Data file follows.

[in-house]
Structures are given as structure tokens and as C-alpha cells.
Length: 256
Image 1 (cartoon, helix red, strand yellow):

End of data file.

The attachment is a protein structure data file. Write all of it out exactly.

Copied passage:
[in-house]
Structures are given as structure tokens and as C-alpha cells.
Length: 256
Image 1 (cartoon, helix red, strand yellow):